Build Your Author Platform With Twitter
Welcome to Twitter Tuesdays where I feature tips on how to use Twitter for authors by authors. This week we have tips on building your platform with Twitter from author, poet and fellow book coach, Catharine Bramkamp. Thanks Catharine! You can follow her on Twitter here.
A bird sits outside my window. He greets the dawn with a chirp thats less melody and more car alarm: piercing, random and difficult to ignore. So I wearily get up. And close the window. I picture him as an angry bird and this is the sound of his tweet.
Social media is not a small country fair where you know many people you pass by. Social Media, Twitter in particular is more like the narrow passageways in the souk in Cairo or the crowded booths in the night market of Hong Kong. Here you must search through the agora to find stalls selling the things you love and need and more important, catering to people you want to meet.
These people share your interests and needs, and as a result, will be interested in your recommendations, comments, and eventually, your own products.
Building a platform to see over the heads of the general crowd will make it easier and faster to pick out the like-minded people from this market crowd. If the platform is built well, they in turn can easily see you. Twitter is part of that platform.
First, know that to effectively introduce yourself in this market, use your own name. Marketing your writing will, over the course of the years, be necessarily fluid. Tweet under your own name so your product selection can change under that name.
Like a conversation in the alleys of a market or the aisles of Safeway, Twitter must serve as a legitimate conversation in the first place. You wouldn’t stop someone in the middle of their shopping to demand that since they have tomatoes in their cart, they will love your book on Croatia. However you would help someone reach the can of peaches on the top shelf. You also could discuss peaches in general while you’re there.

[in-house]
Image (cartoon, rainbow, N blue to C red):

You may segue into Croatian peaches. You may not, because blogging and tweeting must serve the reader.
Conversation is more effective than the constant sale and promotion.
We all know what to do as non-fiction writers, but what about your fabulous novel? How do you tweet or blog about that?
First, the current advice (from many sources) is to not post chapters of the book on your blog. Instead blog and tweet about the book. Can you tap into genre fans? Can you tap into fans of the area (were you clever enough to set your book in the Hawaiian Islands? Or Paris?)
Tweet about the setting, ask question about the topic, link to other authors who write about the same place you do. Or write about a similar topic. Hang out with people who are talking about subjects close to your book.
Why strike up a conversation at all?
Because you never know who you’ll meet at the big Night Market, you never know what treasures you will find.
Grab your name, link up with some new friends and open the window to let new music in!
More Twitter Tips for Authors next Tuesday, and more to come in my forthcoming ebook, The Writer’s Guide to Twitter for Fiction Authors.